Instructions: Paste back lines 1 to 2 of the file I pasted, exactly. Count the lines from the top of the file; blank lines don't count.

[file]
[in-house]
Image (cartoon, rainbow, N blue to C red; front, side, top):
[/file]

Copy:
[in-house]
Image (cartoon, rainbow, N blue to C red; front, side, top):